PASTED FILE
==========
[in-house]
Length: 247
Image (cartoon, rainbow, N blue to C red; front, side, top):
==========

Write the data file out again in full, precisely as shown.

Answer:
[in-house]
Length: 247
Image (cartoon, rainbow, N blue to C red; front, side, top):